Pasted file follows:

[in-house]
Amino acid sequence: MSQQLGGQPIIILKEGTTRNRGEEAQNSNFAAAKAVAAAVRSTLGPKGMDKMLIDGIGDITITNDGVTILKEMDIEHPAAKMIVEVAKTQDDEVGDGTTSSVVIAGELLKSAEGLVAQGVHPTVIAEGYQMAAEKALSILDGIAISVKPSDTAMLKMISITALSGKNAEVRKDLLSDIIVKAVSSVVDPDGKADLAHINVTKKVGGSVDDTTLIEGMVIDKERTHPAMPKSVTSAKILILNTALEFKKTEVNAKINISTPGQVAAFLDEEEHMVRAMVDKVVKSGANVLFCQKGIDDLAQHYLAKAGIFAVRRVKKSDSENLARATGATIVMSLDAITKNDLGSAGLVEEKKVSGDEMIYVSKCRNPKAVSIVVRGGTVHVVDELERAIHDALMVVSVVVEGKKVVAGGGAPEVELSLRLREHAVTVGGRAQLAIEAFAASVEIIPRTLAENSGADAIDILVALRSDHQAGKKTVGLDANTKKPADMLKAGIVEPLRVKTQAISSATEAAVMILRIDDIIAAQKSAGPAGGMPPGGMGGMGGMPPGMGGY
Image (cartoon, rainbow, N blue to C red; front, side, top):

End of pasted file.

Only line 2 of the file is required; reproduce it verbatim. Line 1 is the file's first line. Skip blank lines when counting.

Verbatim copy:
Amino acid sequence: MSQQLGGQPIIILKEGTTRNRGEEAQNSNFAAAKAVAAAVRSTLGPKGMDKMLIDGIGDITITNDGVTILKEMDIEHPAAKMIVEVAKTQDDEVGDGTTSSVVIAGELLKSAEGLVAQGVHPTVIAEGYQMAAEKALSILDGIAISVKPSDTAMLKMISITALSGKNAEVRKDLLSDIIVKAVSSVVDPDGKADLAHINVTKKVGGSVDDTTLIEGMVIDKERTHPAMPKSVTSAKILILNTALEFKKTEVNAKINISTPGQVAAFLDEEEHMVRAMVDKVVKSGANVLFCQKGIDDLAQHYLAKAGIFAVRRVKKSDSENLARATGATIVMSLDAITKNDLGSAGLVEEKKVSGDEMIYVSKCRNPKAVSIVVRGGTVHVVDELERAIHDALMVVSVVVEGKKVVAGGGAPEVELSLRLREHAVTVGGRAQLAIEAFAASVEIIPRTLAENSGADAIDILVALRSDHQAGKKTVGLDANTKKPADMLKAGIVEPLRVKTQAISSATEAAVMILRIDDIIAAQKSAGPAGGMPPGGMGGMGGMPPGMGGY